Tuesday, July 21, 2009

Canadian opera companies and the copyright consultation process

The Canadian Conference for the Arts has come out against what many are seeing as a disingenuous consultation process on copyright reform in Canada. The group, which represents, among others, Opera.ca and by extension, most of the opera companies in Canada, says that they will be unable to participate in the process because they were given just one week's notice to prepare.

By way of background, the Federal Government is holding copyright consultations this summer in what they say is a way to make sure that everyone has input into this fall's upcoming copyright reform. Many, however, don't believe this to be a legitimate consultation process as the public will only be admitted to two meetings - one in Montreal, the other in Toronto. In addition, as we are hearing, many those invited to the other private meetings won't be able to attend, mainly due to 1) it being held in the summer when many artists and representatives are either on tour or out of the country, 2) they won't have enough preparation time to put together presentations, and 3) most non-profit groups would require board approval for travel expenses to the meetings and boards won't sit within the next week. Lobby groups for recording companies, film distributors, and the US-tied copyright groups won't have those issues though.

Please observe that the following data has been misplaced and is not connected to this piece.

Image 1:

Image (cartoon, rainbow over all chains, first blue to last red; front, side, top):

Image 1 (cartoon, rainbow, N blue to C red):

It is widely pressumed that some of the only groups at these "consultation meetings" will be record labels or their associates and that that would suit the Conservative government, who have been under US pressure for months to re-address the issue, just fine.

Why does this matter to you? Well, professionally it will affect the copyright expiration times on new operas. This means that, as in the US, but not in Europe or here at the moment, operas written 60 years ago, and with the composer dead, the publishing company would still be able to charge performance rights on those shows despite having no one around who was involved in the work's creation to benefit from the money. The same is true about opera translations. Opera recordings are also expected to be under license for up to 75 years, meaning no more inexpensive recordings of long dead artists. Personally it will mean things like you won't be able to buy a CD but put the music on your iPod - you'll need to buy an iPod copy too or face a $500 per song fine.

If you live in Montreal, or Vancouver, you may want to consider getting out to the meetings. You can sign up (because there's limited space at them,) here.

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